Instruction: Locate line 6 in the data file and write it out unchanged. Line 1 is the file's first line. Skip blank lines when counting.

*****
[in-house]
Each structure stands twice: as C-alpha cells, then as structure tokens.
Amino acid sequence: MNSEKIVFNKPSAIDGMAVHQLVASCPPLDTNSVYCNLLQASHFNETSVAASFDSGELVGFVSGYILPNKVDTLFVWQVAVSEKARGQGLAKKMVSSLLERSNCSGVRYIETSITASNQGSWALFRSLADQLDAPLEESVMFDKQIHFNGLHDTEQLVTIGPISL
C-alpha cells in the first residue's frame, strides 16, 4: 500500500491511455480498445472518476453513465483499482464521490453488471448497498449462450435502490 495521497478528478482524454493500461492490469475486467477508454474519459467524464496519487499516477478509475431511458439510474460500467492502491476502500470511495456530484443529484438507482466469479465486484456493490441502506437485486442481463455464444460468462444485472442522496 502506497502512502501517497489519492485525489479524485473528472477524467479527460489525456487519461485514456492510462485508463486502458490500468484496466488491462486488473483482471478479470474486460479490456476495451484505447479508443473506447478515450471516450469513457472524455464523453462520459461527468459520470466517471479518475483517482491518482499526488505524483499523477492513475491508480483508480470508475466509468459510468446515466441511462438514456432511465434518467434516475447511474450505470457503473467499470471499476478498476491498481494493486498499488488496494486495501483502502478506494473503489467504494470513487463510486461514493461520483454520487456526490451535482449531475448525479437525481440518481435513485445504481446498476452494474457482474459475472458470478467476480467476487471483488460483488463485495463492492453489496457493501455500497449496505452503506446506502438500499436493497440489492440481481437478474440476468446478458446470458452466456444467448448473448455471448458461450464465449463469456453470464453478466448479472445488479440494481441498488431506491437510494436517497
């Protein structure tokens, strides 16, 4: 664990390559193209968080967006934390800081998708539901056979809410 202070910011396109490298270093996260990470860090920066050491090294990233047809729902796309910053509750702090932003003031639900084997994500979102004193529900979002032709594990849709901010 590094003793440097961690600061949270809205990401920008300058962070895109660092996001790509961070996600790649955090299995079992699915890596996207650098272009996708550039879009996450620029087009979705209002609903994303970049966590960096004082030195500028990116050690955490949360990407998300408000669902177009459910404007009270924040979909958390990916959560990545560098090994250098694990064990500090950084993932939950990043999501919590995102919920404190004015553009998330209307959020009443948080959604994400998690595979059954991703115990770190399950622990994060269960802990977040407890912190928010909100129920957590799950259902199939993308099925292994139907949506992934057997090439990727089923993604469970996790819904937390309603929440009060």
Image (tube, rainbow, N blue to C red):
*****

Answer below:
Image (tube, rainbow, N blue to C red):